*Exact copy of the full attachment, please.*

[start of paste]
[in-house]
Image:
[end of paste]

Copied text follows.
[in-house]
Image: